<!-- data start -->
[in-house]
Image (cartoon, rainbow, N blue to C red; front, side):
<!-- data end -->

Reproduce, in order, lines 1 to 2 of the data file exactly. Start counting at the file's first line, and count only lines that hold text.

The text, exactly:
[in-house]
Image (cartoon, rainbow, N blue to C red; front, side):